It is undeniable that Eddie’s guitar tone and technique are, in themselves, recognizable in any context; when the guitarist was brought in to play for Michael Jackson’s hit song “Beat It,” his solo is instantly identifiable as Eddie Van Halen. But Eddie further distinguishes himself through his songwriting.
As the only guitarist in Van Halen, Eddie spent the band’s early days developing a way to provide both the harmonic foundation and lead guitar parts through his one instrument. Reflecting on the recording of the band’s first album, the guitarist explained: “I remember feeling very uncomfortable with separating my lead and fill parts from my rhythm parts. Onstage, I’d gotten used to doing both simultaneously. I’d just noodle in between chord lines.” With the band’s original material, Eddie’s talent for creating expansive and virtuosic guitar parts is integrated inextricably into the songs. Further, while the guitar is certainly his showpiece instrument, he never forgot the musicianship training of his youth. In 1984, he turned to his keyboard roots, co-writing the #1 hit “Jump” which placed Eddie front and center with his unforgettable synthesizer riff and solo (the song also features a succinct but masterful guitar solo). Eddie’s talent and musicianship has been a clear line through all of the band’s music and through their massive success across the decades. Whether the band was fronted by David Lee Roth or Sammy Hagar, Van Halen’s success has relied heavily on the band’s unparalleled master of the guitar.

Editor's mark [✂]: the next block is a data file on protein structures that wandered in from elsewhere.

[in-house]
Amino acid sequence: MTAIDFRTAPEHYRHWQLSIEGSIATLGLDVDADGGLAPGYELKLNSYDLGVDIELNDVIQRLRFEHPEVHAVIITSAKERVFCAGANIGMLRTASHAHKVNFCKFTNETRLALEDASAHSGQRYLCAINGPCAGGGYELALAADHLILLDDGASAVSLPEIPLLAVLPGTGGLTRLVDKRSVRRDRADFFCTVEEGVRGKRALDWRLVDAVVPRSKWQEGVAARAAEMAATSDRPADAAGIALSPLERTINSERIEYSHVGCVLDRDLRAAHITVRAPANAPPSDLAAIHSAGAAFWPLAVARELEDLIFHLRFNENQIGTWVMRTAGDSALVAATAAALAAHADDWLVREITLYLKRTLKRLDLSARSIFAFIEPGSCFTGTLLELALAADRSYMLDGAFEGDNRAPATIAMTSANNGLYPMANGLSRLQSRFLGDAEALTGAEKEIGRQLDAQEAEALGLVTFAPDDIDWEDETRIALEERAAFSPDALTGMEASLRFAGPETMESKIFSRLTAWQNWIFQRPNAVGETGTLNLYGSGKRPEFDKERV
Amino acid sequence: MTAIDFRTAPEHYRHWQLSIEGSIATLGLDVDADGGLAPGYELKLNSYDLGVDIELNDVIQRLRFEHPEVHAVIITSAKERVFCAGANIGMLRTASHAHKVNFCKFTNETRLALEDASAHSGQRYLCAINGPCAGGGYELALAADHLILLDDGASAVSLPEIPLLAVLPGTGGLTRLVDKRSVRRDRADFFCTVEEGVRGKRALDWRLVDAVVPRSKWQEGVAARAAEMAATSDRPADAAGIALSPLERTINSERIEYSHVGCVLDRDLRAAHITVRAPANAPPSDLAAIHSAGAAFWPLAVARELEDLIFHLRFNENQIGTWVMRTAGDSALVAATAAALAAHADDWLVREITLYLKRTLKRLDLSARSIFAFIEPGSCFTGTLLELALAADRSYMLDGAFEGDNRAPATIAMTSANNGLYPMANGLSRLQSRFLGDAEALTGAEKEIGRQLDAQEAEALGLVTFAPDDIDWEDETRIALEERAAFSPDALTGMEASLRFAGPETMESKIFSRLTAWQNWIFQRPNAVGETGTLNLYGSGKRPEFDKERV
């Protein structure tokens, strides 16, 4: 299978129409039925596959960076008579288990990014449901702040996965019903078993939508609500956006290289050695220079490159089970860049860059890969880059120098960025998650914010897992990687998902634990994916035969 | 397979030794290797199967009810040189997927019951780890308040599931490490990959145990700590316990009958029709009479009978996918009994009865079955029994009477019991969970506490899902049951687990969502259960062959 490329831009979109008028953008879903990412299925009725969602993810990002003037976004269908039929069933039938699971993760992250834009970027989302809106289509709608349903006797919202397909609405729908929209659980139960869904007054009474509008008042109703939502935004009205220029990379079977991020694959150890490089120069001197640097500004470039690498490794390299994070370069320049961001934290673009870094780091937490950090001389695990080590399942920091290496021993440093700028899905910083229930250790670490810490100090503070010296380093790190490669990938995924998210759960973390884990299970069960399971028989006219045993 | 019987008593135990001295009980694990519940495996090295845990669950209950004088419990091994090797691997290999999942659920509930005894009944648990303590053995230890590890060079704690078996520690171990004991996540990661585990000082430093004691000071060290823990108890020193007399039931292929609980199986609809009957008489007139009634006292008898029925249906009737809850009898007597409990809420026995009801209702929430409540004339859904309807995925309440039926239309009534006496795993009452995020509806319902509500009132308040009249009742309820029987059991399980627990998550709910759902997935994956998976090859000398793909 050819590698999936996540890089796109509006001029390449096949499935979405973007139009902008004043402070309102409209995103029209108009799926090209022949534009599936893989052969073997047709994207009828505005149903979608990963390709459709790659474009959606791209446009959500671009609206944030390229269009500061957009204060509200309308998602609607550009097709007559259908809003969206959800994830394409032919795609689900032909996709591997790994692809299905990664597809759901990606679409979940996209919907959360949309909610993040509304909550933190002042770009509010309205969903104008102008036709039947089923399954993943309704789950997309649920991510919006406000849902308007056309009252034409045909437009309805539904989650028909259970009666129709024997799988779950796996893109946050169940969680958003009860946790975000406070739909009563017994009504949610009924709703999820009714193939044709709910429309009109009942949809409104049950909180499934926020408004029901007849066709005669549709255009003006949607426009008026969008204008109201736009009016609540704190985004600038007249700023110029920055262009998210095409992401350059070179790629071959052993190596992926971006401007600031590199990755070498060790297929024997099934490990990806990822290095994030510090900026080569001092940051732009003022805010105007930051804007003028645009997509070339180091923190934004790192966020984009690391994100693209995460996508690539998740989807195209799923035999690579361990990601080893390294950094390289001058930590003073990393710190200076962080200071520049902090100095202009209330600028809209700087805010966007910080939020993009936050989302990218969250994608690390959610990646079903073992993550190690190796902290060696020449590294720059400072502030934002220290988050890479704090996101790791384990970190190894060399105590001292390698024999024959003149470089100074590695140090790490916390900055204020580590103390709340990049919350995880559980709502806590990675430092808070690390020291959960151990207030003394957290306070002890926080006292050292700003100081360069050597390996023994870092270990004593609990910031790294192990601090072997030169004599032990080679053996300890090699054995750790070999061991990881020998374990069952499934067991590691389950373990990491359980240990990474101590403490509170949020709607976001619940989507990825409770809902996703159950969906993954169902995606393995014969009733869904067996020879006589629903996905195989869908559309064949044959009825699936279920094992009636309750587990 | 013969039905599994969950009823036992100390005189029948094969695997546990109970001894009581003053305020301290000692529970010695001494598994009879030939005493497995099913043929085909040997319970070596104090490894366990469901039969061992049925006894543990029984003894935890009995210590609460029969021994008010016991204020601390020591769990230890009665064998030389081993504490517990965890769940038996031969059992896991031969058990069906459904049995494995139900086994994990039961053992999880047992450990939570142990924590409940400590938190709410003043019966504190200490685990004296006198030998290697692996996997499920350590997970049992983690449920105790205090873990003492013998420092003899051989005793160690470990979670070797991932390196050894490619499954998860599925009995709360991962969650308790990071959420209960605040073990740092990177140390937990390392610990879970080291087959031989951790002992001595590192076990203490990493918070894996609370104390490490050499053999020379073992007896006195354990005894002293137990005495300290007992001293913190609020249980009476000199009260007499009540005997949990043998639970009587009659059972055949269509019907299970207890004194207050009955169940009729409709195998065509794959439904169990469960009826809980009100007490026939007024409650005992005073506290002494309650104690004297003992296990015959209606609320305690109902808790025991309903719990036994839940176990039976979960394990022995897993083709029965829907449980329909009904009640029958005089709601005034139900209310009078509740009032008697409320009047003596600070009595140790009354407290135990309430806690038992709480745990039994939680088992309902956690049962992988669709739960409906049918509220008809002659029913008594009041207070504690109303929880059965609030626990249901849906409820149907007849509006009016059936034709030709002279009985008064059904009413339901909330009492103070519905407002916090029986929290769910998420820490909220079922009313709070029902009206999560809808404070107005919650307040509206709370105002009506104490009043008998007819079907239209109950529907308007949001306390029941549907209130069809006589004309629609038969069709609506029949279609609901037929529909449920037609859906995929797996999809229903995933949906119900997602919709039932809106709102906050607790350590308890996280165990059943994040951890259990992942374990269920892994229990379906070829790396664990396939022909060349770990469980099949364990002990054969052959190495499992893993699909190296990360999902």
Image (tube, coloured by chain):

Van Halen has continued to be a powerhouse of musical talent and a sonic tour de force since they burst onto the scene in 1978. The band has sold more than 80 million albums, has had 13 number one hits, and in 2007, the band was inducted into the Rock and Roll Hall of Fame. At the ceremony, Slash appropriately declared Eddie a “guitar genius, innovator” and a “god to fans and musicians alike.” In 2012, Guitar World’s readers poll for “The Greatest 100 Guitarist of All Time” voted him number one. Generations of musicians have been influenced by his playing and inspired by his dedication to his instrument. Passion for music and love for the guitar has driven each step of his career. In the guitarist’s first public interview, back in 1978, Eddie explained this commitment:
“I know a lot of people who really want to be famous or whatever, but they don’t really practice the guitar. They think all you do is grow your hair long and look freaky and jump around, and they neglect the musical end. It is tough to learn music; it’s like having to go to school to be a lawyer. But you have to enjoy it. If you don’t enjoy it, forget it.”
Combining innovative technique with his signature guitar tone and great songwriting, Eddie Van Halen revolutionized the world of guitar-driven music and challenged perceptions of what the instrument could do and sound like.